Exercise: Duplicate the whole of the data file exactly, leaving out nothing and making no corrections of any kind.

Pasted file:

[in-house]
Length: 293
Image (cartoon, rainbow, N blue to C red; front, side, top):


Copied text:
[in-house]
Length: 293
Image (cartoon, rainbow, N blue to C red; front, side, top):